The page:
A question for supporters of privatization

The twice-weekly flights of Cebu Pacific Airways, using the ATR jetprop, will reportedly resume on Dec. 2, 2020, instead of Nov. 30 as it is the last day of the suspension of travel of all Locally Stranded Individuals (LSIs) and Returning Overseas Filipinos (ROFs).

Whether the flights will be as much as 70% full, instead of the previous 50%, remains to be seen.
Starting with the Dec. 2 flight, the airline will no longer reserve three seats as isolation areas for sick passengers as this requirement has already been removed by the Inter-Agency Task Force on the Management of Emerging Infectious Diseases (IATF) as the airlines are already requiring RT-PCR or antigen tests for boarding passengers.

Residents of areas where the eye of super typhoon Rolly passed experienced pain in the ears during the period.

The rapid drop in barometric pressur e from the normal to Rolly’s 905 millibars or 90.5 kiloPascals, meant the pressure outside our ears went down before the pressure inside our ears could acclimate or adjust. The pressure imbalance caused a sensation of fullness in the ears, equivalent to suddenly flying from ground level to a height of 911 meters.

The Power Restoration Rapid Deployment (PRRD) Task force Kapatid sent by Malacanang thru the National Electrification Administration (NEA) and the Philippine Rural Electric Cooperatives Association (PhilRECA) to assist FICELCO is now moving fast to achieve their target of restoring electricity to a large part of the island buy the first week of December, just over a month after typhoon Quinta and Rolly battered the province.

The 41 teams of linemen and equipment come from Benguet Electric Cooperative, Inc. (BENECO), Sorsogon Electric Cooperative, Inc. – 1 (SORECO 1), Batangas Electric Cooperative, Inc. – 1 (BATELEC 1), Batangas Electric Cooperative, Inc. – 2 (BATELEC 2), Iloilo Electric Cooperative, Inc. – 1 (ILECO 1), Iloilo Electric Cooperative, Inc. – 2 (ILECO 2), Aklan Electric Cooperative, Inc. (AKELCO), Antique Electric Cooperative, Inc. (ANTECO), Capiz Elctric Cooperative, Inc (CAPELCO), Guimaras Electric Cooperative, Inc. (GUIMELCO), Central Negros Electric Cooperative, Inc. (CENECO), Negros Occidental Electric Cooperative, Inc. (NOCECO), Northern Negros Electric Cooperative, Inc. (NONECO), Ticao Island Electric Cooperative, Inc. (TISELCO), Iloilo Electric Cooperative, Inc. – 3 (ILECO 3), and ONE MERALCO FOUNDATION.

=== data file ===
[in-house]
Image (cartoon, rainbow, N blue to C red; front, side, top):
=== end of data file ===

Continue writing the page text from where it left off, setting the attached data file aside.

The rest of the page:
FICELCO member-consumer-owners who are dissatisfied with the cooperative and are supporting its privatization should consider this: would these electric cooperatives from far-away islands and provinces send the same teams to help in power restoration efforts if a private company takes over FICELCO?

Judging from the sights we have seen in the immediate weeks after super typhoon Rolly, we can pick up several important lessons.

First, stock up on supplies like water, canned goods, coffee, sugar and the like, and, to a lesser extent, fuel for your vehicles.

Second, in times of calamity, cash is king and credit is not good. Have at least a month’s worth of spending cash available.

Third, always have that generator in working condition, making it run for 15 minutes twice a month.
Fourth, if you have some money, spend it on typhoon-proofing your windows, doors and aircon frames or replacing decade-old GI sheets.

Fifth, wrap valuable gadgets and equipment, vital documents and memorabilia in plastic.

THE SPEECH. The managing director was scheduled to speak at an important convention, so he asked Jenkins, one of his employees, to write him a punchy, twenty-minute speech. When the MD returned from the big event, he was livid.

“What’s the idea of writing me an hour-long speech?” he raged at Jenkins. “Half the audience walked out before I was finished.”

Jenkins was baffled.

“I wrote you a twenty-minute speech,” he said. “I also gave you the two extra copies you asked for.”

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